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Transgender Pakistanis Will Be Officially Recognized as Citizens for First Time Ever

AP Photo/Muhammed Muheisen

Transgender Pakistanis will soon be recognized as equal citizens under the law.

The Transgender Persons Protection of Rights bill will be introduced to Pakistan’s National Assembly in the coming weeks, and activists expect it will pass with the support of all the major political parties, the New York Times reports.

This is the first legislation of its kind to appear in Pakistan that seeks to protect the rights of one of the country’s most “marginalized and disadvantaged communities,” according to the Hindu.

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The bill gives individuals the right to identify as a transgender person, and to enjoy the same rights as men and women in Pakistan. That includes anyone whose gender identity differs from cultural norms or their sex assigned at birth, such as intersex people, eunuchs and transgender men and women.

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“We are pushing for this bill because it is the right of these people, not only a right as human being but as citizens of this country,” Naeema Kishwar Khan, a member of Parliament, told The New York Times.

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Khan, a leader of a major religious party in Pakistan, the Jamiat-i-Ulema Islam, sponsored the bill in Parliament and said that no political group has come out against the bill.

While Pakistan is considered a more conservative country, this bill follows a series of other victories for transgender rights in the country.

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In the past five years, Pakistan’s Supreme Court has legalized transgender people’s right to pursue their education, inherit property, and vote. It also issued a religious edict allowing transgender people with “visible signs” of their gender to marry.

Transgender people are now included in the general census, and this year the government issued its first passport with a transgender category.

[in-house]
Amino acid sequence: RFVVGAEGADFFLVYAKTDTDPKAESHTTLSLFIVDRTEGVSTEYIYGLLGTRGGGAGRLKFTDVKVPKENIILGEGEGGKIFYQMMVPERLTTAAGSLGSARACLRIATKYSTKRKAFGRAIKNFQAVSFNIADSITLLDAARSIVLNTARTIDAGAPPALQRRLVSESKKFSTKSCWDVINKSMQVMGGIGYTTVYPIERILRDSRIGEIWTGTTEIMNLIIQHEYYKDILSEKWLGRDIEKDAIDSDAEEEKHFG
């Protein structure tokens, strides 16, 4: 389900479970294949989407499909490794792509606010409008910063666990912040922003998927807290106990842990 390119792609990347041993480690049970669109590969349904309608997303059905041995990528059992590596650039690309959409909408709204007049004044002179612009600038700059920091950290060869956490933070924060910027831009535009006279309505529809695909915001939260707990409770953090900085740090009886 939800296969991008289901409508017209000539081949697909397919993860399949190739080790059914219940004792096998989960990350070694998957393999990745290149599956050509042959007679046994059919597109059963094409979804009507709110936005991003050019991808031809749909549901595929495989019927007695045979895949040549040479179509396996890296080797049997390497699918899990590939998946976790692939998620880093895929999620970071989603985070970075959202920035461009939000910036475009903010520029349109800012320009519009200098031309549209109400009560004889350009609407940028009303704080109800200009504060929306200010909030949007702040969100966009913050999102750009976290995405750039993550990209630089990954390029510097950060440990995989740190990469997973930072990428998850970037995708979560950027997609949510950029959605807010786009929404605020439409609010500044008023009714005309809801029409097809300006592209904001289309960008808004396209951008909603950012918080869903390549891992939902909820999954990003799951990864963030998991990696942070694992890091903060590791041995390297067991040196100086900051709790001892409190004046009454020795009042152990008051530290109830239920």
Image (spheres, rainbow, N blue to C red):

People in Pakistan often use the umbrella term “khawaja siras” to describe transgender people, eunuchs, and intersex people. Being a part of the khawaja siras community can offer some transgender people a semblance of acceptance and family, but some activists argue that this sanctuary community separates people identifying as khawaja siras from the rights and fair treatment they deserve.

Although the new bill represents another legal victory for transgender people in Pakistan, Pakistan’s cultural community and media still have to make many strides toward ending the discrimination and violence against transgender people, activists told The New York Times.

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Transgender people face discrimination, sexual assault, and murder, according to Kamran Arif, vice president of the independent Human Rights Commission of Pakistan. Many are often abandoned by their families, and forced into prostitution to make a living. Some are subjected to life as a circus “oddity.”

Last year Human Rights Watch called on authorities to investigate and take action on the surge of violence against transgender women in the Khyber Pakhtunkhwa province.

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Some attempts to normalize acceptance and understanding of transgender people has been made in Pakistan’s society, including a new comic book featuring a transgender protagonist.

While the new bill will recognize transgender people’s rights as citizens, societal acceptance is a process that could take much longer.